On Friday I made heaps of new pocket mirrors using vintage illustrations and fabrics as backings. They always look so beautiful together:
I've donated a couple to the FeltAid shop, so go and see Alice and the raccoon over in the shop along with some other lovely donated products. All the proceeds will be donated to the cleanup and rebuilding of Christchurch after the recent earthquake. You can read more about the project on the blog Felt like helping out.

Sunday, September 19, 2010


It's time for the elsiemarley kids clothes week challenge, or EM KCWC for short :) I've decided to join in this time, as I've been dying to see what my overlocker can do, and my boys need clothes for the new season. Two birds with one stone. The challenge is to spend one hour every day this week sewing for your kids, and my expectations aren't too high; I want to finish at least two t-shirts and two pairs of shorts. If I have enough time there may be more t-shirts.
It's when I start looking through the pattern books that I feel so sad that I don't have a girl; all those gorgeous little tops and dresses in so many colours. Pretty much the only boy pattern that I could stomach was for pj's, which will become raglan sleeve t-shirts and 3/4 shorts. Are there any nice boy patterns out there; something simple and unfussy, but cool? The one Oliver + S pattern I like looks like it's out of print. Might have to start making my own...

Monday, September 13, 2010


I have a lot of cotton, and in my recent spring clean frenzy decided that my current little reel stands just weren't good enough. Off I went in search of something simple, big and attractive that can hang on the wall. That's not asking too much, is it? Apparently it was.

But wait, I have a Very Handy Husband. And look what he made me! Ooh, I love him!

And here is a picture of my new and improved work station, with the very functional reel holder in context. It was at that very work station that I had my own little sweat shop last week; slaving away for hours on end to make 10 new zip pouches. I'm slowly but surely getting ready for all the markets I have booked spots at over the next 3 months.

Thursday, September 9, 2010


...is yellow, whero is red, kakariki green. I didn't grow up with this song, but Daniel's been singing it so much, I might as well have. To celebrate all the new flowers out, I've made a couple of pouches for my shop update, one with Kowhai flowers and the other with Kaka beak. They're made using a tea towel on the front and curtain on the back, both vintage of course.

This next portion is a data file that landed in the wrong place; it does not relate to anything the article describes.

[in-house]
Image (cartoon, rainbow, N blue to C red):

Wednesday, September 8, 2010

Spring colour

Today was such a gorgeous day; I couldn't resist getting the camera out for my annual spring garden photo shoot. The garden is starting to get some beautiful colour.

And it was sunny enough to get some washing dried. I got this double bed sheet set last week and would really like to make us a summer quilt using some of the other vintage sheets from The Collection (see below). Mmm, my favourite colours.

Monday, September 6, 2010

Lucky Penny

Tomorrow is the first Tuesday of the month, which means it's time for the Lucky Penny Crafty Club. Bring your knitting, crochet, or other craft habit along and come join us for a cup of coffee at the lovely Mezze bar in Durham Lane in the city. We're there at 7.30 and have a table in the lounge area behind the planter boxes; look for the yellow sign on the table.

Friday, September 3, 2010

Night sewing

Joshua was at home today with a random bug, so we spent a lot of time in my craft room making stickers and cards, cutting little pieces of paper, playing with buttons and pom poms... Ok, maybe I should rephrase: he spent a lot of time doing those things, and I got to finish his new kindy satchel and do a bit of knitting. The satchel was made using a piece of denim and a second-hand belt and is the perfect size for a change of clothes and a piece of fruit. What more does a 3-year old need to carry around?
I started making it last night. Have I ever mentioned how much I enjoy sewing at night? The house is quiet, there's no interruptions and I can think about what I'm doing. And I can keep going until I've finished the job or I can't keep my eyes open any more; not worry about school pick-up times and making dinner and all those chores.
The knitting is the start of a long-term project. I'm under no illusions; it's for next winter because I'm a slow knitter and this is my biggest knitting project so far. It's the Pimlico shrug from Knit2Together by Mel Clark and Tracy Ullman, and I'm using an alpaca/wool/acrylic blend. It's looking good so far, and feels so warm when I try it on. That sounds like a joke, but it's a cuff, so I can do that! I'm knitting it in the round using the magic loop method, which is such a dream for knitting these small diameter projects. And can you see I've been playing around with the hue and saturation function in Photoshop?
Hope you have a wonderful weekend and Father's Day on Sunday :)